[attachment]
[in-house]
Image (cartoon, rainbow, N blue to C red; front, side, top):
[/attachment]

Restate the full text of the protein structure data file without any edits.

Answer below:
[in-house]
Image (cartoon, rainbow, N blue to C red; front, side, top):